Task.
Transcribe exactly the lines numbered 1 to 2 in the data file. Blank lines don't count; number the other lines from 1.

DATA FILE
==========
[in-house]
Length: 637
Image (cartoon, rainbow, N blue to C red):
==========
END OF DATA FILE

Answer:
[in-house]
Length: 637